EE4NJ-04.27.2012 - Foundation for Educational Administration

Report
April 27, 2012
NJPSA/FEA
Nancy Richmond, Ed.D.
John Schoener, Ph.D.
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Superintendent?
Principal?
Assistant Principal?
Supervisor?
Director?
Teacher?
Board of Education member?
Pilot One district?
Pilot Two district?
Not sure?
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On your table, please find a paper that says EE4NJ.
Use one of the markers provided and write a
word, a sentence, or a question that comes to mind
when you think of the proposed Excellent
Educators for New Jersey reform initiative.
Do this without any conversation with your tablemates.
Now share around the table what you wrote and
why.
As a group select one theme, pattern, or big idea
that emerged from your table conversation that
you can share with the large group.
1.
2.
3.
What are the details and timelines of the new
teacher evaluation system?
What are the characteristics, implementation
guidelines, and training opportunities of the
state-approved teacher evaluation models?
What should school leaders do now to begin a
process of preparing for the 2012-2013 school
year?
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Non-pilot districts
Pilot Two Districts
4. What should principals
and supervisors know
about the student
achievement measures
that will be 50% of a
teacher’s evaluation?
5. What do these changes
mean to principals and
supervisors in terms of
their observation and
feedback practices?
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The goal of NJPSA/FEA is to support school
leaders in navigating through the NJDOE
frameworks for the new teacher evaluation
system.
NJPSA/FEA has deep concerns about several
aspects of the proposed teacher evaluation
system. It is our responsibility to help you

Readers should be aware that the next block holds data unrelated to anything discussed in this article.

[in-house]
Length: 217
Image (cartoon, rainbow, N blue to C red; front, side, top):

understand and respond to what is required
by the State.
Today will provide an opportunity for your
voices to be heard.
Nationally
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Teacher effectiveness is the most important
in-school factor for improving student
achievement.
Traditionally teacher evaluation systems have
not been designed to determine levels of
effectiveness which differentiate a range of
teacher performance.
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The Obama administration highlights teacher
evaluation reform as a key commitment tied
to federal policy and funding opportunities.
At least 32 other states have recently changed
their teacher evaluation systems.
Troubling achievement gaps
 Current evaluations are
subjective and fail to impact
teaching
 50% of college students never
graduate
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2010-2011 Governor’s Educator Effectiveness
Task Force
2011-2012 Pilot One implemented
2012-2013 Capacity building for non-Pilot Two
districts
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2012-2013 Pilot Two implemented
2013—2014 Full roll-out and implementation in
all districts
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Part 1 – Review what is expected of all districts
in 2012-2013, including overview of models
Part 2 – Explore what Pilot Two will look like
for 2012-2013; react and respond.
Part 3 – Consider how these changes will
impact our observation and feedback behavior.
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Importance of meaningful and constructive
conversations
Stakeholder engagement is critical
Evaluator and teacher training is critical
Need to build basic assessment literacy and data
analysis skills
Need for proper evaluation of non-classroom
teaching staff
Workload increases for administrative staff
Challenge in developing assessments for nontested grades and subjects
Trust and a sense of urgency are critical
Capacity Building
Requirements
(from NJDOE Memo, March 28, 2012)
Form a District
Advisory
Committee to
ensure
stakeholder
engagement in
evaluation
reform
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Teachers from each school level in the district
Central office administrators overseeing the
teacher evaluation process
Administrators conducting evaluations
Superintendent
Special education administrator
Parent
Board of Education member/s
Representatives of other groups, at
Superintendent’s discretion
2. By January 2013, adopt an
evidence-supported teacher
practice instrument and
procedures for applying the
instrument (handout page 8-9)
3. From January 2013 through August 2013, test
and refine implementation of the observation
instruments and rubrics